- Category: World News
- Published Thursday, December 24, 2015
- CTV News
KOH SAMUI, Thailand -- A Thai court was to deliver its verdict Thursday in the high-profile murder case of two British backpackers found bludgeoned on a resort island last year, a gruesome crime that focused global attention on tourist safety and police conduct in the country.
Two Myanmar migrants could face the death penalty if convicted of killing David Miller, 24, and raping then murdering Hannah Witheridge, 23, last year on the island of Koh Tao.
The defendants, Win Zaw Htun and Zaw Lin, both 22, have pleaded not guilty and say they were tortured by police to make initial confessions to the crimes. Human rights groups have repeatedly called for an independent investigation and raised concerns that the men might be scapegoats.
Miller and Witheridge's battered bodies were found Sept. 15, 2014 on the rocky shores of Koh Tao, an island in the Gulf of Thailand known for its white sand beaches and scuba diving. Autopsies showed that the young backpackers, who had met on the island while staying at the same hotel, both suffered severe head wounds and that Witheridge had been raped.
The killings tarnished the image of Thailand's tourism industry, which was already struggling to recover after the army had staged a coup just months earlier in May 2014 and then imposed martial law.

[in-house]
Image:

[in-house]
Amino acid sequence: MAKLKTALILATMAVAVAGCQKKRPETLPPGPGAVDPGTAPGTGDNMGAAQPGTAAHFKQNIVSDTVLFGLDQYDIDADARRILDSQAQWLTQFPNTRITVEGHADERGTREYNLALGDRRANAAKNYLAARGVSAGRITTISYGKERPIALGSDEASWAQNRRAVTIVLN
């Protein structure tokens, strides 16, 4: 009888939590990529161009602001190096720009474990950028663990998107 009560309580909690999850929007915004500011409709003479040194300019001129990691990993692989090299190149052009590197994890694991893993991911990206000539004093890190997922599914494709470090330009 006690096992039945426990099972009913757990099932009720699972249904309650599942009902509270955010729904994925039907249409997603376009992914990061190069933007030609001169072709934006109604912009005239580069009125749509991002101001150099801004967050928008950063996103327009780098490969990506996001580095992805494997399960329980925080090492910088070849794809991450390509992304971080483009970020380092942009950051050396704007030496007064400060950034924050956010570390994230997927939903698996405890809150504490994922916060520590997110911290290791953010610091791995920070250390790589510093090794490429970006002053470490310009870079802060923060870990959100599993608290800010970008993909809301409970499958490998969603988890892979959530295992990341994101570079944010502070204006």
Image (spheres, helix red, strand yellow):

From the start, the case raised questions about police competence. Investigators faced a variety of criticism, starting with their failure to secure the crime scene and then for releasing several names and pictures of suspects who turned out to be innocent. After Britain's Foreign Office expressed concern to Thai authorities about the way the investigation was conducted, British police were allowed to observe the case assembled by their Thai counterparts.
Under intense pressure to solve the case, police carried out DNA tests on more than 200 people on Koh Tao.
The two migrants were arrested about two weeks after the murders. Police said the pair had confessed to the killings and that DNA samples linked them to the crimes. Both men later retracted their confessions, saying they had been coerced by the police. Police have denied the accusations.
One of the defendants, Win Zaw Htun, testified that he was tortured, beaten and threatened so he would confess. He told the court that police handcuffed him naked, took pictures of him, "kicked him in the back, punched him, slapped him, threatened to tie him to a rock and drop him in the sea," according to defence lawyer Nakhon Chompuchat.
Zaw Lin, the other defendant, testified that he was blindfolded, beaten on his chest and told he would be killed if he didn't admit to the charges, Nakhon said, adding, "He also said he was constantly suffocated by a plastic bag that was put over his head until he passed out."
The case hinges on DNA evidence that police and prosecutors say link the suspects to the crime but the defence says is flawed.
The defence says that the DNA found on a garden hoe police say was the murder weapon does not belong to the defendants. An expert witness testified that the hoe contained DNA from two males, but not the suspects.
"The prosecution case is marked by an absence of significant evidence needed to prove the guilt of the accused for crimes they are charged with," the defence team said in a statement released this week.
About 2.5 million people from Myanmar work in Thailand, most as domestic servants or in low-skilled manual jobs such as construction, fisheries or the garment sector. Migrants are often abused and mistreated without the safeguard of rights held by Thai citizens.